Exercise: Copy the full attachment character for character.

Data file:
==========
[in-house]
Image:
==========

[in-house]
Image: